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Fig 2. Time-pressure minus forced-delay percentage point difference in contributions.

Circles denote average contributions. Filled circles (●) include and empty circles (○) exclude noncompliant participants. Lines crossing the circles denote 95% confidence intervals.

https://doi.org/10.1371/journal.pone.0190560.g002

We now test for evidence of intuitive cooperation focusing first on Short, our attempt to replicate Study 6 in Rand et al [22]. Using all observations in Short, including participants who did not comply with the time-limits, we find a difference of 7.44 [-0.22, 15.10] percentage points between time-pressure and forced-delay conditions. This positive effect of time-pressure on cooperation is statistically significant (n = 314; ranksum, P = 0.025). As expected from the high and symmetric levels of compliance to time-limits in our public good game, these results also hold when we exclude noncompliant participants from the analysis: In this case, the difference between the two conditions is 7.12 [-0.77, 15.02] percentage points, and the positive effect of time-pressure on contributions to the public good remains statistically significant (n = 286; ranksum, P = 0.039). We thus provide the first independent evidence of intuitive cooperation using a time-manipulation protocol that is free from complications of noncompliance.

As previously discussed, the analytical style of Long may weaken the inducement of intuition. In line with this expectation, the percentage point difference in contributions between all time-pressured and forced-delay participants in Long is -0.49 [-7.93, 6.95], which is not statistically distinguishable from zero (n = 308; ranksum, P = 0.741). The Tool, on the other hand, was expected to exhibit intuitive cooperation by minimizing overall inducement of reflective thinking while enhancing understanding as compared with Short. Although the difference in contributions between the two time-limit conditions is not statistically significant (n = 313; ranksum, P = 0.380), contributions in Tool among all participants under time-pressure are nevertheless 4.75 [-2.81, 12.32] percentage points higher than those under forced-delay. The fact that the bulk of the 95% confidence intervals for Tool lay to the right of zero is consistent with the interpretation that Tool exhibits intuitive cooperation and that our study was underpowered to detect its smaller effect. Finally, we pool together all observations from Short and Tool, the two instruction conditions expected to exhibit intuitive cooperation; we observe that contributions are 6.09 [0.70, 11.48] percentage points higher under time-pressure than under forced-delay and we find this effect to be statistically significant (n = 627; ranksum, P = 0.033).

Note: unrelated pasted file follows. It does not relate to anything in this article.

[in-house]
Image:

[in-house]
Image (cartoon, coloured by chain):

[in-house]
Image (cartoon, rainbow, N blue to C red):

Understanding of the social dilemma

We first estimate the extent of social dilemma misconception in Short and compare it to the two instructional supplements. As described in the Methods section, we measure social dilemma understanding (i.e., conception of the public good game as a social dilemma) with a variable that equals 1 if both test questions that constitute the social dilemma (QSelf & QGroup) are answered correctly, and zero otherwise. Only 43.3% [37.8, 49.0] of participants in the Short instructions condition exhibited correct social dilemma understanding, raising the question whether similarly high levels of misunderstanding observed in the literature are due to the briefness of the instructions provided by Rand et al [22]. Surprisingly, despite extended analytical descriptions and numerical examples, social dilemma understanding in Long (31.8% [26.7, 37.3]) was 11.5 percentage points lower than Short (n = 622; χ2 test: P = 0.003). Comparing Short to Long, the high levels of misunderstanding found in the literature do not seem to stem from the briefness of instructions used; in contrast, the analytical, abstract and elaborated instructional tradition of Economics leads to poorer comprehension, at least in our online environment. On the other hand, understanding in Tool (51.4% [45.8, 57.1]) was 8.1 percentage points higher than Short (n = 627; χ2 test: P = 0.042). Comparing Short to Tool, we see that enhanced opportunities for learning via self-guided examples are effective in improving understanding of the decision problem as a social dilemma.